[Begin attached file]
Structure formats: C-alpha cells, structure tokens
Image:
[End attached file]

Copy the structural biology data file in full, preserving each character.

Structure formats: C-alpha cells, structure tokens
Image: